Because of this evolution within fundamentalism (no pun intended!), scholars tend to talk about “pre-1925 fundamentalism” and “post-1925 fundamentalism.” The main movers and shakers of the fundamentalist movement after 1925 (the year of the infamous Scopes Trial in Dayton, Tennessee widely regarded as a huge humiliation for fundamentalism) informally added “biblical separation” to the list of essentials of authentic Christian faith. That is, true Christians will refuse Christian fellowship with outright heretics and apostates and theological modernists and liberals (such as Harry Emerson Fosdick and his ilk) belong in those categories. Fundamentalists began founding their own separate Protestant institutions and denominations, publishing houses and missionary agencies. Many organized “Bible institutes” (where the Bible was supposed to be the basis of the entire curriculum) and urged, even required, Christian young people to attend only those after high school. Throughout the 1930s American fundamentalism especially flourished, but somewhat underground and almost invisible to the mainstream media and religious organizations (such as the Federal Council of Churches).

 

But something new began to happen within the fundamentalist movement that further fractured it and, in my estimation, anyway, killed it as a movement. That was the introduction by fundamentalist leaders of the doctrine and practice of “secondary separation.” This meant that pure Christians ought to shun Christian fellowship with other Christians who did not practice “biblical separation.” Thus, when Billy Graham, a fundamentalist when he began his ministry, began to allow Catholics and liberal-leaning, “mainstream” Protestant ministers to cooperate with and support his evangelistic crusades, leading fundamentalists criticized him and withdrew their support from him.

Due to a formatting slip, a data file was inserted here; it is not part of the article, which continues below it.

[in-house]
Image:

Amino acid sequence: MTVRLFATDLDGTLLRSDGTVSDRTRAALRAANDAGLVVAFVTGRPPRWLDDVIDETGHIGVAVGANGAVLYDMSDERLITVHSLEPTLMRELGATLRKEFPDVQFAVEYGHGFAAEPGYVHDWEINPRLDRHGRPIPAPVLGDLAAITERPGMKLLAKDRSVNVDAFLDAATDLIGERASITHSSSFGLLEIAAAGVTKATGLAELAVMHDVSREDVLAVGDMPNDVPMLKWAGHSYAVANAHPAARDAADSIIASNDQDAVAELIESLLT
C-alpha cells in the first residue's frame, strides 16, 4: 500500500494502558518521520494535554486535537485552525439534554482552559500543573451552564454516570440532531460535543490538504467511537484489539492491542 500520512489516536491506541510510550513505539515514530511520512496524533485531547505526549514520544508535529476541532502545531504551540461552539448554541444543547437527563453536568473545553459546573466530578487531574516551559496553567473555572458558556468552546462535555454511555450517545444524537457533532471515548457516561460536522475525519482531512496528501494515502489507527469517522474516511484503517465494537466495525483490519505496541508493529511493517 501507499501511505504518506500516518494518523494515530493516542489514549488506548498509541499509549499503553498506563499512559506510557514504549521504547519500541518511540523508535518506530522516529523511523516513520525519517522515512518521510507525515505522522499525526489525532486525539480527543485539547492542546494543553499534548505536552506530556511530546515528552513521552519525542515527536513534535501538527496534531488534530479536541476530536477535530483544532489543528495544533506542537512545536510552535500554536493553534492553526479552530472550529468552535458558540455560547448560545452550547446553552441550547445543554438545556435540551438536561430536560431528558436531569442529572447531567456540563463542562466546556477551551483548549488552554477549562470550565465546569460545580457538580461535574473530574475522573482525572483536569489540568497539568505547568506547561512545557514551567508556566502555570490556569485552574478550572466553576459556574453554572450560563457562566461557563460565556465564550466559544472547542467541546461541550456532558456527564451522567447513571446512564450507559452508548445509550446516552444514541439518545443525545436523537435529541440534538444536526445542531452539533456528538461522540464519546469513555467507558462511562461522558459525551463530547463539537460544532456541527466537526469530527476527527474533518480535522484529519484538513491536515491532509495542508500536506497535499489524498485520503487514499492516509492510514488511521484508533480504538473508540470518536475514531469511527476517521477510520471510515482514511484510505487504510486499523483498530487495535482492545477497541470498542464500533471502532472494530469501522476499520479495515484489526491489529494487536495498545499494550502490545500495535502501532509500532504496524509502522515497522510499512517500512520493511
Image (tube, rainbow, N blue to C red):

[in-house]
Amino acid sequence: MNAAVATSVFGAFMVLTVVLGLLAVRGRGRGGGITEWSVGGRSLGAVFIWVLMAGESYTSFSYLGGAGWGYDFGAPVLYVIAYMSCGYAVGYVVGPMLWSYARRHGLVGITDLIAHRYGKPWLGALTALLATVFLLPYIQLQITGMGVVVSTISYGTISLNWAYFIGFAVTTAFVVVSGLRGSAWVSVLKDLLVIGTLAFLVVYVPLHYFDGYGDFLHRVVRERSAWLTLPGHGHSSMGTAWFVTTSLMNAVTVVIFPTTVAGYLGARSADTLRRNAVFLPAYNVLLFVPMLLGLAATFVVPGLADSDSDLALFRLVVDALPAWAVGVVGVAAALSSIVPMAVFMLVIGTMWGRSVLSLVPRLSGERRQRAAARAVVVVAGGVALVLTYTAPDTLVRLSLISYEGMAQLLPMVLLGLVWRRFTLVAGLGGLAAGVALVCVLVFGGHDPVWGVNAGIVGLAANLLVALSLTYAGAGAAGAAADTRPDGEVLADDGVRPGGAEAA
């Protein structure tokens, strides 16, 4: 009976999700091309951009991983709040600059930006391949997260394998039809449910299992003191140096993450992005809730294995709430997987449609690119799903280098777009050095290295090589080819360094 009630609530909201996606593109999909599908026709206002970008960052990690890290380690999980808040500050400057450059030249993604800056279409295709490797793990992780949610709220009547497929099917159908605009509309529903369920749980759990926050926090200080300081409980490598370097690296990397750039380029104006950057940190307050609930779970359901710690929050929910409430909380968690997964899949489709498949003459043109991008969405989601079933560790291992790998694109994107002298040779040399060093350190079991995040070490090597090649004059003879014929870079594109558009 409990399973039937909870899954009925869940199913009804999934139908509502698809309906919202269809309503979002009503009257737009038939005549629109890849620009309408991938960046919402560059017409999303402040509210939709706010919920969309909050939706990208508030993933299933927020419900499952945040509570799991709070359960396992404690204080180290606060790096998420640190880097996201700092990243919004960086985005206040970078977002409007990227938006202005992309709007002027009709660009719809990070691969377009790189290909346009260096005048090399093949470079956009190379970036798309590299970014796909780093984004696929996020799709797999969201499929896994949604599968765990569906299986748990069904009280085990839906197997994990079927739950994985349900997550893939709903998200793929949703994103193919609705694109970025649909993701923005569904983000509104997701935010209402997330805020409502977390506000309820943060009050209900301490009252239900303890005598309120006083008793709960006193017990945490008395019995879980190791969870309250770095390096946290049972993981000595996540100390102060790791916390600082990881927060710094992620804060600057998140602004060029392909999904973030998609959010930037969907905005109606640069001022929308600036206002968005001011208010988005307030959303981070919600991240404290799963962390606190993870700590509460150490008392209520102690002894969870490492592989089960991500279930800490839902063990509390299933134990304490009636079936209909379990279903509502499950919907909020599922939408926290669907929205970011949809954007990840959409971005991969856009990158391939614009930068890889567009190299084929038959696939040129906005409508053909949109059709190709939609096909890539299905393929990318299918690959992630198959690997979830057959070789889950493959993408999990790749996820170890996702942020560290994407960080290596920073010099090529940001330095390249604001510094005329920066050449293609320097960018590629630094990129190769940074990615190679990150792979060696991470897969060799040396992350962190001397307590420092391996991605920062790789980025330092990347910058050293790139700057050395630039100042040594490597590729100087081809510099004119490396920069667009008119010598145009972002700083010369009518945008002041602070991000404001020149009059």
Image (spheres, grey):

I believe the fundamentalist movement broke apart into several, often competing, movements practicing different degrees of separationism in the 1940s and 1950s. Many conservative and revivalistic Protestants left fundamentalism and joined the “neo-evangelical movement” launched by Harold John Ockenga and others in 1942 (the year the National Association of Evangelicals was founded). However, the fundamentalist movement left behind an ethos. And that is how I identify a fundamentalist -- by his or her embodiment of the fundamentalist ethos. The criteria cited at this post’s opening describe that ethos.

 

A true fundamentalist minister, for example, will usually not join a local “evangelical ministerial alliance” (or whatever it may be called). Now, to be sure, some ministers within such an alliance may display fundamentalist traits, but a true fundamentalist, though he may be sympathetic with some of the alliance’s goals (e.g., to provide high school graduates with a Bible-based, united, city-wide, baccalaureate service) will avoid full participation in it. He will probably seek out other fundamentalist ministers for fellowship and cooperation. These fundamentalist alliances tend to be small and fracture easily because of disagreements about fine points of doctrine, practice and Bible interpretation.